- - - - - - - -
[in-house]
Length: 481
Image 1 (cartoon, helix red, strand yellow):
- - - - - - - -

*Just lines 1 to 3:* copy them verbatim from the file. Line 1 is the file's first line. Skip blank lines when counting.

[in-house]
Length: 481
Image 1 (cartoon, helix red, strand yellow):